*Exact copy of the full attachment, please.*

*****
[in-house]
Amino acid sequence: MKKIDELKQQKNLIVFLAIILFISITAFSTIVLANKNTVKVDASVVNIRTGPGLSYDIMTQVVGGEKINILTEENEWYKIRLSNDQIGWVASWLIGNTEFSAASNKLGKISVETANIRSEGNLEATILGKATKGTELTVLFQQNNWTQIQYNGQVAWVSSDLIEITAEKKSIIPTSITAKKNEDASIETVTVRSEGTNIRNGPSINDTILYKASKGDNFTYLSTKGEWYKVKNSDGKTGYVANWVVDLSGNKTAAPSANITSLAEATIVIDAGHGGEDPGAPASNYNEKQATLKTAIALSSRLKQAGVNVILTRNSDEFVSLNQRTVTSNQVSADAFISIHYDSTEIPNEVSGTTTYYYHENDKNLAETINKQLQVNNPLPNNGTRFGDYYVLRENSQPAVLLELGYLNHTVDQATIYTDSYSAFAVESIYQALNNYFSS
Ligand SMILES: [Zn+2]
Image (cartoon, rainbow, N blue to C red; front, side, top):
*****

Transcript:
[in-house]
Amino acid sequence: MKKIDELKQQKNLIVFLAIILFISITAFSTIVLANKNTVKVDASVVNIRTGPGLSYDIMTQVVGGEKINILTEENEWYKIRLSNDQIGWVASWLIGNTEFSAASNKLGKISVETANIRSEGNLEATILGKATKGTELTVLFQQNNWTQIQYNGQVAWVSSDLIEITAEKKSIIPTSITAKKNEDASIETVTVRSEGTNIRNGPSINDTILYKASKGDNFTYLSTKGEWYKVKNSDGKTGYVANWVVDLSGNKTAAPSANITSLAEATIVIDAGHGGEDPGAPASNYNEKQATLKTAIALSSRLKQAGVNVILTRNSDEFVSLNQRTVTSNQVSADAFISIHYDSTEIPNEVSGTTTYYYHENDKNLAETINKQLQVNNPLPNNGTRFGDYYVLRENSQPAVLLELGYLNHTVDQATIYTDSYSAFAVESIYQALNNYFSS
Ligand SMILES: [Zn+2]
Image (cartoon, rainbow, N blue to C red; front, side, top):